- The Washington Times - Tuesday, October 22, 2002

The debate in Congress about U.S. pre-emptive military action against Iraq was not an end but a beginning. If the war does take place, the historians are likely to be still looking for more facts 60 years hence. The full range of intelligence crown jewels the human intelligence or cryptanalysis that today's leaders may either rely on or try to explain away in deciding about pre-emptive action will likely never be displayed.

Even as Congress has supported the administration, there remains a campaign of leaking news stories first from the Pentagon, more recently from the intelligence community that appear designed to signal that some in those institutions are putting distance between their assessments and administration policies. If this is the case, it underlines factors seen in previous pre-emptive uses of military force. Those who may have to carry out the pre-emption may not wish to do so or wish to show they share the reasoning or motivation of the national leadership that led to pre-emption.

When Winston Churchill ordered a pre-emptive attack on the French Navy at Mers-el-Kebir in Algeria in July 1940, he acted against the advice of most of his military leaders, who did not believe it likely that the Vichy government's warships would be made available to fight against Britain. Hindsight is today on the side of the admirals. But neither the admirals nor the historians had access to the full range of Churchill's intelligence sources. Nor did the admirals share what Churchill saw as the full range of his policy responsibilities at that moment. The admirals did not want to compound a difficult operational situation; Churchill had to win the war.

The pre-emptive use of military force sends a powerful message. Its impact is seldom intended to be limited to its target. Current or potential allies, adversaries or an internal audience are going to draw lessons from any use of military force, especially a pre-emptive one. These broader contexts of pre-emption may have value beyond the purely military impact.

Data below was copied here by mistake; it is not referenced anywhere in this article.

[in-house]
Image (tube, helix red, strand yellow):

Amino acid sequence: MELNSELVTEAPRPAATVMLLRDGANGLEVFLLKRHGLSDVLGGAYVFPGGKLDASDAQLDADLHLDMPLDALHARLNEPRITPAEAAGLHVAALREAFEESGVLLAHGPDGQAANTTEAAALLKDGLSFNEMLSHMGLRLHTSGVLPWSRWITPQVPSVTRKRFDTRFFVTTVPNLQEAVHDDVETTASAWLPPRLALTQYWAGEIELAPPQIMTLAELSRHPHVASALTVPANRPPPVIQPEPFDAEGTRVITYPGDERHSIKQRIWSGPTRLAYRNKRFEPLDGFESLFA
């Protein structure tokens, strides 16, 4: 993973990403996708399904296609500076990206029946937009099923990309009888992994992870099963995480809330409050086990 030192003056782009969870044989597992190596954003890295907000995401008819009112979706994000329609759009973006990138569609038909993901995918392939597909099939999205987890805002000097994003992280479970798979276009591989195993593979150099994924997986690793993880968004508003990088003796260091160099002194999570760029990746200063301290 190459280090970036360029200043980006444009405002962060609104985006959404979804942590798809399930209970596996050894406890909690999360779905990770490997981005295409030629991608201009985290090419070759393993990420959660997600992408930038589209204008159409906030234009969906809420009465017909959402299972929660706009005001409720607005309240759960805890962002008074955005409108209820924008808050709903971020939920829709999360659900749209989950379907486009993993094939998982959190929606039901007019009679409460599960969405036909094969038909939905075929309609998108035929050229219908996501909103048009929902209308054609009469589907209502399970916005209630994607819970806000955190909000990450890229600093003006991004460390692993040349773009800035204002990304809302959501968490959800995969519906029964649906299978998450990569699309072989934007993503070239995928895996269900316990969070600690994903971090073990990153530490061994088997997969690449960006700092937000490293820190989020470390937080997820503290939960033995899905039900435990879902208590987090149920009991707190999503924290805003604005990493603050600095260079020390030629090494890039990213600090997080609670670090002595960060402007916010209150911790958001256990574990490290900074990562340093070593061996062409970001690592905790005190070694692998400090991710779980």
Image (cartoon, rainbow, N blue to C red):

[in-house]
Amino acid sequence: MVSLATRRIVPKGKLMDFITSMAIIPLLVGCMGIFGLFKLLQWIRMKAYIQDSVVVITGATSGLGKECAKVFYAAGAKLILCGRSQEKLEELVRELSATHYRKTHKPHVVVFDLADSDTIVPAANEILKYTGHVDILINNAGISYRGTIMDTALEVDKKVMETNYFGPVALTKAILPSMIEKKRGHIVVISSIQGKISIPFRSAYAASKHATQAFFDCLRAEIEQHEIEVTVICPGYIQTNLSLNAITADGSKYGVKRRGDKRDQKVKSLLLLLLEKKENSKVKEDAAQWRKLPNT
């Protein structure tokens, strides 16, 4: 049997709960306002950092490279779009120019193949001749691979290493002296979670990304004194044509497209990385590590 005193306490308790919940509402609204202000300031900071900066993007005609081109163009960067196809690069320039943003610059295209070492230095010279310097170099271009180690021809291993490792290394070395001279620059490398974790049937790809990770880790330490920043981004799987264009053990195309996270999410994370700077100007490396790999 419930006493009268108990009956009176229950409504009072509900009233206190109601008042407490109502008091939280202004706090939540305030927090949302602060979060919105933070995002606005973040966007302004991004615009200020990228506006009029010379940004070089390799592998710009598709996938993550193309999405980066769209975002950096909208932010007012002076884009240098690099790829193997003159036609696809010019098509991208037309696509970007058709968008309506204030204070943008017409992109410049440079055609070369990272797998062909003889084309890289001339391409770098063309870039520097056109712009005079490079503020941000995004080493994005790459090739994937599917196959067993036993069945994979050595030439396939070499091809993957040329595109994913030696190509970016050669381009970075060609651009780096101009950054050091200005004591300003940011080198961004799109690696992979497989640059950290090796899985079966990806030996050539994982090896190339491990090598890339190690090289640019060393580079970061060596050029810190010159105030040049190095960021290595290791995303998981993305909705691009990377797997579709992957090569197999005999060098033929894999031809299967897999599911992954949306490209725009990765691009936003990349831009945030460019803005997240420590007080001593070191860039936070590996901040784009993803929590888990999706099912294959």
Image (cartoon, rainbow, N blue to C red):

Churchill had to consider how Mers-el-Kebir would look to the then-neutral United States, to Hitler and to defeatists in Britain and its government that contributed to the decision. Churchill saw the decision not simply in terms of Anglo-French diplomacy or the military utility of French battlecruisers, but what such an attack meant for the world conflict as a whole. Churchill had the leadership skills to make such a pre-emptive move a powerful demonstration of will that may have in the context of Britain's desperate situation in July 1940 outweighed the costs of the attack.

Finally, the types of actions that lead to pre-emption are not static. Actions or threat capabilities that could bring a country to launch a pre-emptive action may end up, in the future, having to be accepted as part of a changing security environment. Pre-emption today does not assure long lasting security. Rather, it gives the opportunity to recast a larger security environment where the threat that motivated pre-emption becomes irrelevant.

The United States was famously close to pre-emptive action against Soviet nuclear missiles in Cuba in 1962, but within a few years (and for the remainder of the Cold War) had to accept the reality of Soviet submarine-based missiles potentially lurking just as close off the coast. The arrival of Soviet-built jet bombers capable of delivering weapons of mass destruction in Nasser's Egypt was instrumental in persuading the British, French and Israelis to launch their ill-starred 1956 military action, aiming to pre-empt a potentially powerful new military capability emerging in the region. When pre-emption failed, these bombers and their capabilities were a reality for a generation.

Finally, capabilities that once moved leaders to pre-empt may prove with hindsight to be less than once feared. The pharmaceutical plant in Khartoum attacked by the United States in 1998 may have been legitimate. The French warships of 1940 or the Egyptian bombers of 1956 were never to win battles. We do know, however, that these were all capable of inflicting much less damage than a nuclear weapon.

To historians, Churchill's pre-emption may have been a rational response to critical intelligence, an unnecessary military blunder or a key element in mobilizing resistance. Today's decision-makers do not even have the virtue of hindsight to guide them; while they may be lucky if the future record says they made the right decision, it is also irrelevant. Difficult decisions like that of pre-emptive military action even when opposed internally remain the standard of judgment for political leadership.

David Isby is a Washington-based national security policy consultant.

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